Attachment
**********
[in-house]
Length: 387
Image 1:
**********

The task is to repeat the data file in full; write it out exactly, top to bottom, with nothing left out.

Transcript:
[in-house]
Length: 387
Image 1: